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A CurtainUp Los Angeles Review
Robert Wright and George Forrest used themes from the music of 19th-century Russian composer Alexander Borodin to illustrate Edward Knoblock's 1911 romantic comedy in which Hajj, an impoverished poet who lives by his wits, and his beautiful daughter Marsinah find adventure and "delicious desire" in what Artistic Producing Director Marcia Seligman carefully points out is an Arabian Nights fantasyland. Although Len Cariou is older than Alfred Drake, who created Hajj on Broadway, and Howard Keel, who did the movie musical, his age brings out elements beyond the swashbuckling in the rascally Hajj. He's beguilingly raffish and scruffy, touchingly credible as a truly impoverished second-rate artist who jumps on the entrepreneurial opportunity to be a beggar.
A second Tony-winner in the cast, Anthony Crivello, is a dashing Caliph, whose magnificent voice floats notes with breathtaking power. Crivello also has the dramatic intuition to make the Caliph's thinly-written love for Marsinah a tender and passionate obsession. Jason Graae takes scrumptious advantage of the comic elements in the wicked Wazir. The one unfortunate number that brings harshly to mind Baghdad's recent regime is Graae's solo "Was I Wazir?" in which he depicts the tortures he enjoys inflicting. But it would be hard to eliminate a solo by Jason Graae.
Especially delectable is the chemistry between Graae and the wonderful Jennifer Leigh Warren, who plays his Wife of Wives, Lalume. Warren has a rich warm voice and knows exactly where to place every note. She never makes the mistake of playing the voluptuary with broad comedy like Mae West but delicately teases every erotic moment with wickedly playful humor.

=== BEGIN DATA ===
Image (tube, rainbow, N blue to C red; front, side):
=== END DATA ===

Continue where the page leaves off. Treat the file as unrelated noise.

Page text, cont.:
It's always a special pleasure to discover someone and though Caryn E. Kaplan, who plays Marsinah, already has an impressive resume, she has the kind of novel talent that demonstrates what separates a leading lady from the chorus. Not only does she have a flawless and impeccably handled soprano, she has acting chops that range from humor to authority to a swooning woman-in-love. The Kaplan/Crivello love scenes are so delicately intense that, even in a show as predictable as Kismet, you find yourself holding your breath until they make it through.
Though necessarily limited by the Freud Playhouse's stage which is truncated by Gerald Sternbach's orchestra, Rob Barron's choreography makes sensuous dynamic use of the area. Special mention must be made of sinuous dancer Natalie Nucci as Princess Zubbediya.
Casting Director Bruce Newberg has assembled an ensemble of splendid voices coming from women who look superb in those harem girl costumes and men who display a splendidly buff array of gleaming pecs, all fetchingly bedecked, bangled and beaded by costume designer Helen Butler. This Kismet is a welcome oasis in the Sands of Time.
Easy-on-the budget super gift for yourself and your musical loving friends. Tons of gorgeous pictures.
At This Theater
Leonard Maltin's 2005 Movie Guide